The Chinese Elm is the perfect bonsai tree for beginners and was actually the first species of tree I ever owned, as I received it one Christmas from my partner! Although it’s a very simple tree to look after, newcomers can definitely struggle for the first few months so I have put together a very simple Chinese Elm Bonsai Care Guide with all the essential tips and tricks you’ll need to know!
This species is ideal for many beginners due to it being able to withstand indoor or outdoor growth unlike many different bonsai trees. It’s resilience, ease of looking after and amazing ramification makes it the perfect first tree! It’s for this very reason that the Chinese Elm is found in most starter kits – this is actually the exact Chinese Elm Bonsai Starter Kit on Amazon that got me into this hobby! I’m happy to report that it’s still happy and thriving to this day, all these years later!
1. Watering Your Chinese Elm Bonsai
These trees are very thirsty in growing season so it’s very important to keep on top of watering a Chinese Elm! I have produced a full watering guide here should you be interested, but I will touch on a simple process anyway. Put your index finger a few centimeters into the bonsai soil to feel for moisture, it should feel damp or moist but not really wet or soggy. At this point, pour rain water or tap water into the pot, covering all of the top soil and keep going until water is leaving through the drainage holes nicely. Let it sit and drain for 3-5 minutes, before repeating the process once more.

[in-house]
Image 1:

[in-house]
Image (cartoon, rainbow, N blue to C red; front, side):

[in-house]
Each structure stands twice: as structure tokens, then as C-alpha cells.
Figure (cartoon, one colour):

Personally my Chinese Elm seems to be really thirsty all year round, although requiring a more frequent watering during the spring and summer when growth is the highest. This species really doesn’t respond well to under-watering so I would advise checking daily to make sure it’s requirements are being met.
2. Growing Conditions & Sunlight
The Chinese Elm bonsai can be grown indoors or outdoors, depending on climate and time of year. Typically when moved from climate to climate, this tree is going to experience the dropping of a fair amount of its foliage but this isn’t really anything to worry about, it should bounce back just fine giving the right nutrients and watering.